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Vitamin D Pills Cut Bone Fracture Risk

Report: Taking Vitamin D Supplements Helps Seniors Avoid Bone Fractures, but Dosage Matters
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WebMD Health News
Reviewed by Louise Chang, MD

March 24, 2009 -- A daily dose of vitamin D supplements may cut the chance of bone fractures in people 65 and older -- provided the dose is high enough.

That news comes from a research review published in the Archives of Internal Medicine.

The review shows that bone fractures not involving the spine were 20% less likely and hip fractures were 18% less likely among seniors taking more than 400 international units (IU) per day of vitamin D.

"I like what I see in this paper," says J. Edward Puzas, PhD, the Donald and Mary Clark Professor of Orthopaedics at the University of Rochester School of Medicine and Dentistry.

Puzas, who didn't work on the research review, says he isn't surprised to see that vitamin D supplements helped bones, even after age 65.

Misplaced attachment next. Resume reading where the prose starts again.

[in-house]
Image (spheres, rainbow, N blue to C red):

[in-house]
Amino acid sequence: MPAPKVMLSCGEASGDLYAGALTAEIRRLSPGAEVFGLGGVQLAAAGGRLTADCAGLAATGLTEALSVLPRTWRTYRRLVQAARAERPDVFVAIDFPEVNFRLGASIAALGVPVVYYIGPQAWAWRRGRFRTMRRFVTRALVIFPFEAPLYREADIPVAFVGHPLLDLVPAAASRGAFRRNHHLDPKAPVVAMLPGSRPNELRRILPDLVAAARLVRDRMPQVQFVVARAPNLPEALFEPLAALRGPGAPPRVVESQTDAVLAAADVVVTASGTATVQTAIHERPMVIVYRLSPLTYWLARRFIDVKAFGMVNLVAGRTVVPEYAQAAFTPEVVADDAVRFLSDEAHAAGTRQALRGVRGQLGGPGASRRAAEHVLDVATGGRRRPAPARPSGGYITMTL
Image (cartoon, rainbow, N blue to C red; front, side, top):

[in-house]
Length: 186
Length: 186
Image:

"Your bone health is important your entire life," Puzas says.

About Vitamin D

The body makes vitamin D when exposed to sufficient sunlight. But aging makes that process harder. People living in northern latitudes are also at a disadvantage when it comes to making vitamin D; so are people with dark skin.

Vitamin D helps the body absorb calcium, and bone cells have vitamin D receptors, Puzas says.

Those bone cells "do respond to vitamin D by stimulating their activity and generally increasing overall bone health," says Puzas, adding that "bone density is higher [and] fractures are lower in patients with adequate amounts of vitamin D."

According to current standards set by the Institute of Medicine (IOM), adequate daily intake of vitamin D is 200 IU per day for children up to age 13, 200 IU per day for men and women aged 14-50, 400 IU per day for men and women aged 51-70, and 600 IU per day for men and women aged 71 and older.

But many experts say those levels are too low.

In October 2008, the American Academy of Pediatrics doubled its recommended daily intake of vitamin D for children and teens to 400 IU per day. And the IOM has formed a committee to review adequate intake levels of vitamin D.

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